There’s a lot more classical music in Dallas than just our world-class symphony and the glamorous opera house next door. But many of the events elsewhere in town are hard to find or downright obscure. Over the years, we’ve missed many exciting concerts because we just didn’t know they existed. Who knew classical music fans were so low-key at promoting events? OK, we probably could have guessed that.
Starting with March, we’ll try to round up a monthly preview of classical music events coming to Dallas, big or small, glamorous or not. This is a curated list, so not every concert will appear here, and it’s also a highly opinionated list. So let’s get started with the opinions right away: The two best concerts this March involve outstanding visiting string quartets.
Table for four, please
On Saturday, March 9, the Alexander String Quartet comes to town from San Francisco, where they act as the Bay’s unofficial quartet-in-residence. This group has been together for 38 years and they’re celebrating a decade of collaborations with Joyce Yang, the pianist who won silver in the 2005 Van Cliburn Competition in Fort Worth. Yang joins the ASQ at Moody Performance Hall for three works, about a half-hour each, featuring all five players: quintets by Robert Schumann, Antonin Dvorak and Samuel Carl Adams.
Sam Adams comes from a composing family; his father, John Adams, conducted two of his works with the Dallas Symphony in January. Sam’s piano quintet, which received its world premiere just weeks ago from the same performers, is, according to ASQ cellist Alexander Walsh-Wilson, “a surprising work and completely original. There’s nothing like it.”
Nine days later, the Pavel Haas Quartet arrives at SMU’s Caruth Auditorium. Their program leans heavily on Shostakovich — right in the wheelhouse for a group whose most memorable trait is its ferocious, high-energy style. Forget being on the edge of your seat; they’re on the edges of theirs while playing, and sometimes they perform standing up.
An unreasonable number of candles
On March 21, SMU will celebrate Johann Sebastian Bach’s 334th birthday with a program of Bach concertos. Professors Emanuel Borok and Aaron Boyd appear as soloists backed by a select group of SMU students. Intriguingly, the performance takes place “among the collections of the Meadows Museum.”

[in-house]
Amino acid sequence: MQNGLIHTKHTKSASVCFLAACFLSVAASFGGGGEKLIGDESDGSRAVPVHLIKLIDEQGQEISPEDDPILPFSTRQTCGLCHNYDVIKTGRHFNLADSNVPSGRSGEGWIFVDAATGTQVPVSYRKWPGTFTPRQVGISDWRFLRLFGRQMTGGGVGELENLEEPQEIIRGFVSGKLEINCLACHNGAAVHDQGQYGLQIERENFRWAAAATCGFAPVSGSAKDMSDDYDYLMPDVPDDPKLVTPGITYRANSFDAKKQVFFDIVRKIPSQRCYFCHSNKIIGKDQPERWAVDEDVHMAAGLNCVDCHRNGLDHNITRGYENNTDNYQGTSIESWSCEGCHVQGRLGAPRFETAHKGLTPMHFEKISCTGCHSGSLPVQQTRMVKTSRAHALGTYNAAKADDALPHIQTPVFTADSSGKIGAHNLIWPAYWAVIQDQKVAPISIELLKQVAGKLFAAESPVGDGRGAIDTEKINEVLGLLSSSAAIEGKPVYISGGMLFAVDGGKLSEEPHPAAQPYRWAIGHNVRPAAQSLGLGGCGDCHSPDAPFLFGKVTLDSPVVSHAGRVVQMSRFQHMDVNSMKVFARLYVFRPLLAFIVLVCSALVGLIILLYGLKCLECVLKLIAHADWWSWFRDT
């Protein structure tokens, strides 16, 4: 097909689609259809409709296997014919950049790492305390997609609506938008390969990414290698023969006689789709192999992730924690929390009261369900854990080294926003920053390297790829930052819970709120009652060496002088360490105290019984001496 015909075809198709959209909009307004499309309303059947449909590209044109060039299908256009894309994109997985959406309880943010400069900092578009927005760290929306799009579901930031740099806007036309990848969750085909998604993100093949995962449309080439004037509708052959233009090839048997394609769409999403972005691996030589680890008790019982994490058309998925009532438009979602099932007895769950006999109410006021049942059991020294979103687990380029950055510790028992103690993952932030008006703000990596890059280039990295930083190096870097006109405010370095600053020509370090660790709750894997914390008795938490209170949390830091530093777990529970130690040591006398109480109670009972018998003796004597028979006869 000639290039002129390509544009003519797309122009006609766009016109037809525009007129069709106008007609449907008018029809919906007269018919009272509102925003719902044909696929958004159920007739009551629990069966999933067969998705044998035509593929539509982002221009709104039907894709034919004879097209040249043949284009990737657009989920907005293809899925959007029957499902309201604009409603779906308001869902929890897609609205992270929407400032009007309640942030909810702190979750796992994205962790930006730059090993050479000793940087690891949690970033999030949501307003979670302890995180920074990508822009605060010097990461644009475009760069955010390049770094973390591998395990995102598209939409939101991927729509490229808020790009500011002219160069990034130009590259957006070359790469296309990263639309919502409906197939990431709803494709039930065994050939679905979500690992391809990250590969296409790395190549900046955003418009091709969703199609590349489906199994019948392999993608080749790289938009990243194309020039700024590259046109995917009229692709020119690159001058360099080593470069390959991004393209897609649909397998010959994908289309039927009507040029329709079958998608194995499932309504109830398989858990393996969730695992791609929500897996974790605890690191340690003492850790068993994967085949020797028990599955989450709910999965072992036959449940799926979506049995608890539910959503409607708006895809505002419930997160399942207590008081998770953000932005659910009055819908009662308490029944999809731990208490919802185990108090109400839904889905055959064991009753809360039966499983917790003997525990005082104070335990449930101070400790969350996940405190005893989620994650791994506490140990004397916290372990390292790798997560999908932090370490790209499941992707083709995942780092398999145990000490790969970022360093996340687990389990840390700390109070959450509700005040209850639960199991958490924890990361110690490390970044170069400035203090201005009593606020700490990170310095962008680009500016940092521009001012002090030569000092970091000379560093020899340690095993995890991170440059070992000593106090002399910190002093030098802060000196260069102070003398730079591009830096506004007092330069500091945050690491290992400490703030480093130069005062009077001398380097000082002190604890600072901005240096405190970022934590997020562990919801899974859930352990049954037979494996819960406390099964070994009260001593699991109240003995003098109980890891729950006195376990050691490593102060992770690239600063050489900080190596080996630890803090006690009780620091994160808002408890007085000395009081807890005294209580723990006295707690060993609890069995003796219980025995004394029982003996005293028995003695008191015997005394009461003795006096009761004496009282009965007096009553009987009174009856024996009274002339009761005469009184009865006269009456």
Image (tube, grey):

Old movie, new tunes
The Dallas Chamber Symphony makes a specialty of playing music to accompany screenings of silent movies, and the latest installment is on March 23. It’s a revival of Bumping into Broadway, a Harold Lloyd comedy about two struggling, young theater types who run up against an evil landlady named Bearcat and a speakeasy visit that ends in a police chase. All the while, the DCSO plays along with a musical score they commissioned from composer Rolfe Kent. You may not recognize Kent’s name, but you’ve already seen movies with his music — he wrote the scores for Legally Blonde, Wedding Crashers, Mean Girls and Sideways. Before the movie starts, there’s a brand-new piece called “Rocky Summer” written for the DCSO by local composer Kim Osberg.
What’s happening at the Dallas Symphony?
The Dallas Symphony’s classical series includes four consecutive weekends in March, including the one just concluded. The highlight is a trio of concerts March 14-16 featuring former music director Jaap van Zweden, making his first return to Dallas since taking over the New York Philharmonic last fall. He’ll be conducting an all-Germanic program of Gustav Mahler’s First Symphony and Robert Schumann’s piano concerto, with poetic, French-Canadian guest pianist Louis Lortie. If you want to go but missed out on tickets, fear not: A new concert was just added to accommodate demand.
The other two DSO weekends are maybe less attention-getting. First up, on March 7-10, is a program featuring Respighi’s Pines of Rome, which the Dallas Symphony last performed just two years ago. Then, March 21-24, internationally acclaimed pianist Helene Grimaud arrives to play Beethoven’s Fourth Piano Concerto. My college class once got to meet Grimaud after a concert in Houston. A fellow student asked her what advice she would give to a young pianist just starting out. The answer: “If you can do anything else, do that instead.”
What’s happening at the Dallas Opera?
If you like melodramatic love stories that take place in Italian, you’re in luck! The Dallas Opera is spending its March presenting not one, but two operas by Giacomo Puccini, and both revolve around ill-fated romances. Manon Lescaut, which is only getting a “semi-staged” performance, closes on Saturday, March 9; La bohème opens on March 15, featuring South African soprano Pumeza Matshikiza.
Keep the Dallas Observer Free... Since we started the Dallas Observer, it has been defined as the free, independent voice of Dallas, and we would like to keep it that way. Offering our readers free access to incisive coverage of local news, food and culture. Producing stories on everything from political scandals to the hottest new bands, with gutsy reporting, stylish writing, and staffers who've won everything from the Society of Professional Journalists' Sigma Delta Chi feature-writing award to the Casey Medal for Meritorious Journalism. But with local journalism's existence under siege and advertising revenue setbacks having a larger impact, it is important now more than ever for us to rally support behind funding our local journalism. You can help by participating in our "I Support" membership program, allowing us to keep covering Dallas with no paywalls.